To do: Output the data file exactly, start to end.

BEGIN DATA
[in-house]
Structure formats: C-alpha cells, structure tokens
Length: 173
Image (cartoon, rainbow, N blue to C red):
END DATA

[in-house]
Structure formats: C-alpha cells, structure tokens
Length: 173
Image (cartoon, rainbow, N blue to C red):